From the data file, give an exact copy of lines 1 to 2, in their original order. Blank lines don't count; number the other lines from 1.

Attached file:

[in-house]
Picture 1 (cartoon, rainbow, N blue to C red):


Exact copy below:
[in-house]
Picture 1 (cartoon, rainbow, N blue to C red):